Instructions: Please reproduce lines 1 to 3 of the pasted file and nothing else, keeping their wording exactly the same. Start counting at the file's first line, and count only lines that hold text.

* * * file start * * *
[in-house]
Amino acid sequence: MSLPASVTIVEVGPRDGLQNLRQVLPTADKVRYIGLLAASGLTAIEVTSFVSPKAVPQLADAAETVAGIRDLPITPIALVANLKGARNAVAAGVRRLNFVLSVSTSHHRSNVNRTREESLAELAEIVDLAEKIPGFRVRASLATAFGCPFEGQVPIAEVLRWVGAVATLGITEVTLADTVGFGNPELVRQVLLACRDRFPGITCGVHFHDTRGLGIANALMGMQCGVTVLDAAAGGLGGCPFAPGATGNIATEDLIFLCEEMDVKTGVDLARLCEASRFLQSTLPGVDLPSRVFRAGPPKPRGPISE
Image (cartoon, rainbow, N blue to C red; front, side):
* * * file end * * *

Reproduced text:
[in-house]
Amino acid sequence: MSLPASVTIVEVGPRDGLQNLRQVLPTADKVRYIGLLAASGLTAIEVTSFVSPKAVPQLADAAETVAGIRDLPITPIALVANLKGARNAVAAGVRRLNFVLSVSTSHHRSNVNRTREESLAELAEIVDLAEKIPGFRVRASLATAFGCPFEGQVPIAEVLRWVGAVATLGITEVTLADTVGFGNPELVRQVLLACRDRFPGITCGVHFHDTRGLGIANALMGMQCGVTVLDAAAGGLGGCPFAPGATGNIATEDLIFLCEEMDVKTGVDLARLCEASRFLQSTLPGVDLPSRVFRAGPPKPRGPISE
Image (cartoon, rainbow, N blue to C red; front, side):